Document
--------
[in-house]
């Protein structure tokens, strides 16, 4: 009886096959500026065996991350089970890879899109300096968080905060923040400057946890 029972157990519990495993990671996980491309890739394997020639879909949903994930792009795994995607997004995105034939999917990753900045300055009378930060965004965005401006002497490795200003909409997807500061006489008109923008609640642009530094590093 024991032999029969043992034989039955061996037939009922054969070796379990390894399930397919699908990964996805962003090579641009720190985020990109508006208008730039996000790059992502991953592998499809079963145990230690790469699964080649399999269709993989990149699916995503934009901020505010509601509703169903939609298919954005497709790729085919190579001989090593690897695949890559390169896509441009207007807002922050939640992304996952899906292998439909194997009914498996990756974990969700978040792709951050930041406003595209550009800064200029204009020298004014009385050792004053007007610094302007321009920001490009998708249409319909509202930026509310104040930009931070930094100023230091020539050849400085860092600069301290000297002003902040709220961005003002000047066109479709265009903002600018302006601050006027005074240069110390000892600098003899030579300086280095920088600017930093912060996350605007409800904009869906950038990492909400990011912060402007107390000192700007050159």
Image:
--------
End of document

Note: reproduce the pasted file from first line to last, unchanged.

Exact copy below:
[in-house]
């Protein structure tokens, strides 16, 4: 009886096959500026065996991350089970890879899109300096968080905060923040400057946890 029972157990519990495993990671996980491309890739394997020639879909949903994930792009795994995607997004995105034939999917990753900045300055009378930060965004965005401006002497490795200003909409997807500061006489008109923008609640642009530094590093 024991032999029969043992034989039955061996037939009922054969070796379990390894399930397919699908990964996805962003090579641009720190985020990109508006208008730039996000790059992502991953592998499809079963145990230690790469699964080649399999269709993989990149699916995503934009901020505010509601509703169903939609298919954005497709790729085919190579001989090593690897695949890559390169896509441009207007807002922050939640992304996952899906292998439909194997009914498996990756974990969700978040792709951050930041406003595209550009800064200029204009020298004014009385050792004053007007610094302007321009920001490009998708249409319909509202930026509310104040930009931070930094100023230091020539050849400085860092600069301290000297002003902040709220961005003002000047066109479709265009903002600018302006601050006027005074240069110390000892600098003899030579300086280095920088600017930093912060996350605007409800904009869906950038990492909400990011912060402007107390000192700007050159």
Image: